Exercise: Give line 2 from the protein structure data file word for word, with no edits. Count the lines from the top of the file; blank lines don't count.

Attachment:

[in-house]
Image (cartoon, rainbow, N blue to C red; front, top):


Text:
Image (cartoon, rainbow, N blue to C red; front, top):